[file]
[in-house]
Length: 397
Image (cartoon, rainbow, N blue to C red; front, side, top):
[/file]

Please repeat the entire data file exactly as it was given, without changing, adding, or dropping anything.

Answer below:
[in-house]
Length: 397
Image (cartoon, rainbow, N blue to C red; front, side, top):